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The white mosque

The white mosque is one of the three major mosques in Nazareth, and the oldest of them. It is located in the city centre, in the Old market area. Architecture of the mosque is a typical example of the Ottoman style. The construction of the mosque was from 1785 to 1815, the Minaret was erected in 1799, the Mosque was built by the ruler Suleiman Pasha, and later the management of the Affairs of the mosque was handed over to Sheikh Abdullah Fahamu. It is his burial. The descendants of the fahoum clan is still headed by the Waqf Committee, which is responsible for the administrative and other issues related to the mosque.

The mosque was named White in a sign of the end of the reign of Ahmed al-Jazzar, who was known for his cruelty. The white color symbolized the beginning of a new era of purity, light and peace. The walls were a cream color, the trim and the dome green. The minaret has the shape of a pencil, it dominates the city and is visible from different quarters. The mosque is surrounded by a small yard and a patio.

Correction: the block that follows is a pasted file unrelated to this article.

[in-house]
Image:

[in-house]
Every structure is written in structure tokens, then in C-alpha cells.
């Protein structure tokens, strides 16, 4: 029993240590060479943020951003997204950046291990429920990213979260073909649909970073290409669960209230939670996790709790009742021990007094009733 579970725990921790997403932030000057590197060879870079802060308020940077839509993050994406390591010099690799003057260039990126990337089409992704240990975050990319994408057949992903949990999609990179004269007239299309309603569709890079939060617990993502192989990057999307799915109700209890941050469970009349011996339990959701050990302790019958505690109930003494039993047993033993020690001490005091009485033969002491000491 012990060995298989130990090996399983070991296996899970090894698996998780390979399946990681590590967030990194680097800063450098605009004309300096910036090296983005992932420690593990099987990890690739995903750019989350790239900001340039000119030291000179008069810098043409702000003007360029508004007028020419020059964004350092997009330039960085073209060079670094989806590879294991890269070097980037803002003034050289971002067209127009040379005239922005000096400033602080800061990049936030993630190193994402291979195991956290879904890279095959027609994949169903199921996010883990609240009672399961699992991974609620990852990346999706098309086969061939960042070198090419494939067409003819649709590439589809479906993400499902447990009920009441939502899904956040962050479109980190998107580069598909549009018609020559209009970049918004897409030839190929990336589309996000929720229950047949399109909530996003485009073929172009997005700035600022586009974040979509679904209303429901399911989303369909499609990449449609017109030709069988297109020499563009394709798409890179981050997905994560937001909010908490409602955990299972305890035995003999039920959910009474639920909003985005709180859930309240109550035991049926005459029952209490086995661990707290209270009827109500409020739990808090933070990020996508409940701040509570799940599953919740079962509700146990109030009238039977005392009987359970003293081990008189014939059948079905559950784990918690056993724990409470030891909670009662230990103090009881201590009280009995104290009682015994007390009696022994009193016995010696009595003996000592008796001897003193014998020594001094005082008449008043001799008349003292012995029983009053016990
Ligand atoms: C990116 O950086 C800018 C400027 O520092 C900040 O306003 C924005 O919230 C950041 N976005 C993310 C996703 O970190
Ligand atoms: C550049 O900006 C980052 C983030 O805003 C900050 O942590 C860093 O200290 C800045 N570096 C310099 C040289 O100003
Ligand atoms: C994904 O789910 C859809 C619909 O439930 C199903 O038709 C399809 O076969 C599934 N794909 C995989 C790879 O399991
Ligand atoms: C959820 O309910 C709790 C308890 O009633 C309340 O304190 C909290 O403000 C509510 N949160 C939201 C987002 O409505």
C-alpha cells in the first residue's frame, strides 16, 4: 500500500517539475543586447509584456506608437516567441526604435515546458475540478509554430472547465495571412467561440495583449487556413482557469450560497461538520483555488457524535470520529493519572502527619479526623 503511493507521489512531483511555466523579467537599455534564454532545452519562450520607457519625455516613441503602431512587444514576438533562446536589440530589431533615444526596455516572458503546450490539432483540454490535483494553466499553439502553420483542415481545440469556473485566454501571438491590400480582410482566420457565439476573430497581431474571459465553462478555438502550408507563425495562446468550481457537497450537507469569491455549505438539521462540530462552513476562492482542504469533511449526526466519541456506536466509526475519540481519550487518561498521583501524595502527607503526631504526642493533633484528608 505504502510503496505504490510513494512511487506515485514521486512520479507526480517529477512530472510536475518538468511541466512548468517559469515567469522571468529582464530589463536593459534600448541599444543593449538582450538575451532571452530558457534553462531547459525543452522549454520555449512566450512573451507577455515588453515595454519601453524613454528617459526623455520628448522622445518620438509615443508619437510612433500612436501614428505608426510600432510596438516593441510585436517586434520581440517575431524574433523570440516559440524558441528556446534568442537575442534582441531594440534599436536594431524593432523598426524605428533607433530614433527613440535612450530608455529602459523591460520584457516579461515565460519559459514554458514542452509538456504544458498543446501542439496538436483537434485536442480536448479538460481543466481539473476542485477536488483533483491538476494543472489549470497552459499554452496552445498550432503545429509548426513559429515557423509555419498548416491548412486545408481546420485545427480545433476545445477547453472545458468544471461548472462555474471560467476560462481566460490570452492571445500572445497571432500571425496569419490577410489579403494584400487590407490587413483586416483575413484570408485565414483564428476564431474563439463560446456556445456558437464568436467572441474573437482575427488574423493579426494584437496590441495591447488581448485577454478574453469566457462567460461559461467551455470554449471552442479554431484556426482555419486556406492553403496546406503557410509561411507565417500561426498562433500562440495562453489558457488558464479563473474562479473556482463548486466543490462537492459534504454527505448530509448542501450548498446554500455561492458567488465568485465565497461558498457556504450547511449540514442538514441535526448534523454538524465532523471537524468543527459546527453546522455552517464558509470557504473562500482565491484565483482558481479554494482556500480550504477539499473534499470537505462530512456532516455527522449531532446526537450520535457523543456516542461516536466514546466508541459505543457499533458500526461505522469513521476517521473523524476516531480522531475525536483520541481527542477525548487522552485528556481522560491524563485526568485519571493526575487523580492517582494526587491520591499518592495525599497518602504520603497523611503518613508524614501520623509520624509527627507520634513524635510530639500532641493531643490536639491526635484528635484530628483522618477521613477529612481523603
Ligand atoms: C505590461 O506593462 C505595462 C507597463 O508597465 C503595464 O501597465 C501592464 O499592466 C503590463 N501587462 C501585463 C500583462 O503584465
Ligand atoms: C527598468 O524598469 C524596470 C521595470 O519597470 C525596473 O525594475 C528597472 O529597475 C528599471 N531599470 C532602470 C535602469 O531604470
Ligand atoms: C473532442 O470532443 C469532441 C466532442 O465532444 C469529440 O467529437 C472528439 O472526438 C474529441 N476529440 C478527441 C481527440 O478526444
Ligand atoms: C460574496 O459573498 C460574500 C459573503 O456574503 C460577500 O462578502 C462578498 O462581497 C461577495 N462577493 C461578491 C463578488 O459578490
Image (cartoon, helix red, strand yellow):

Inside there are two mess halls and a separate room for women. Rooms are decorated with rugs and lamps. Daily prayer in the mosque are about 100-200 people, and in the big holidays comes 2000-3000 praying.

There is also training young people there is a scout club for children, organised cultural events. At the mosque there is a Museum, where exhibits related to the history of Nazareth.

The entrance to the mosque is free, but it is closed to tourists during prayer. Women need to be in a closed clothes.